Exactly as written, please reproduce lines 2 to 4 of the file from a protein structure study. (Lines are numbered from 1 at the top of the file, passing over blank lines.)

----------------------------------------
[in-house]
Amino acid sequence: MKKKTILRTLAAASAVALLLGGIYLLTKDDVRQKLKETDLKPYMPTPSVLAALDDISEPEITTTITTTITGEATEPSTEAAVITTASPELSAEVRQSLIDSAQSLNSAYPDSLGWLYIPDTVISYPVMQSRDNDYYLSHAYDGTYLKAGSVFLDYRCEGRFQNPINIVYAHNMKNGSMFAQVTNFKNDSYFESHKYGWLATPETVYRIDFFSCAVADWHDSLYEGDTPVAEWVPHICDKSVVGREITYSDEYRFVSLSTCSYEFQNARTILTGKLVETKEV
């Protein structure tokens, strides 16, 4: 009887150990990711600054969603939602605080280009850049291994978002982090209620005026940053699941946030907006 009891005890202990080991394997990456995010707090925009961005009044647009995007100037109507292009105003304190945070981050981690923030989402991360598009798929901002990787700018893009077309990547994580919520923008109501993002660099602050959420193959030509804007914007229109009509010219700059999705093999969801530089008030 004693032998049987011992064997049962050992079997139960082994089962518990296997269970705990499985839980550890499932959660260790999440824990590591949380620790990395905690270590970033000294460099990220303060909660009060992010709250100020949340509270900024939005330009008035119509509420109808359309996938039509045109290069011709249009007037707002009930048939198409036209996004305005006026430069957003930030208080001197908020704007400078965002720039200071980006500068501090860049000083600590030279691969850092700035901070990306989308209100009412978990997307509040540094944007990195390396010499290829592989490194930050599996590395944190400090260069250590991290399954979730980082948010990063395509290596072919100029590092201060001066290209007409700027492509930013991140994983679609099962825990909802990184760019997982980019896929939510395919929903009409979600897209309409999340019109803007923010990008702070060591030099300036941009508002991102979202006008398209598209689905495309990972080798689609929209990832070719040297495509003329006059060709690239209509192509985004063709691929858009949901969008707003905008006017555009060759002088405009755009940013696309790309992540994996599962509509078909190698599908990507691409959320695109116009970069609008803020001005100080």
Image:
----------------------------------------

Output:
Amino acid sequence: MKKKTILRTLAAASAVALLLGGIYLLTKDDVRQKLKETDLKPYMPTPSVLAALDDISEPEITTTITTTITGEATEPSTEAAVITTASPELSAEVRQSLIDSAQSLNSAYPDSLGWLYIPDTVISYPVMQSRDNDYYLSHAYDGTYLKAGSVFLDYRCEGRFQNPINIVYAHNMKNGSMFAQVTNFKNDSYFESHKYGWLATPETVYRIDFFSCAVADWHDSLYEGDTPVAEWVPHICDKSVVGREITYSDEYRFVSLSTCSYEFQNARTILTGKLVETKEV
């Protein structure tokens, strides 16, 4: 009887150990990711600054969603939602605080280009850049291994978002982090209620005026940053699941946030907006 009891005890202990080991394997990456995010707090925009961005009044647009995007100037109507292009105003304190945070981050981690923030989402991360598009798929901002990787700018893009077309990547994580919520923008109501993002660099602050959420193959030509804007914007229109009509010219700059999705093999969801530089008030 004693032998049987011992064997049962050992079997139960082994089962518990296997269970705990499985839980550890499932959660260790999440824990590591949380620790990395905690270590970033000294460099990220303060909660009060992010709250100020949340509270900024939005330009008035119509509420109808359309996938039509045109290069011709249009007037707002009930048939198409036209996004305005006026430069957003930030208080001197908020704007400078965002720039200071980006500068501090860049000083600590030279691969850092700035901070990306989308209100009412978990997307509040540094944007990195390396010499290829592989490194930050599996590395944190400090260069250590991290399954979730980082948010990063395509290596072919100029590092201060001066290209007409700027492509930013991140994983679609099962825990909802990184760019997982980019896929939510395919929903009409979600897209309409999340019109803007923010990008702070060591030099300036941009508002991102979202006008398209598209689905495309990972080798689609929209990832070719040297495509003329006059060709690239209509192509985004063709691929858009949901969008707003905008006017555009060759002088405009755009940013696309790309992540994996599962509509078909190698599908990507691409959320695109116009970069609008803020001005100080």
Image: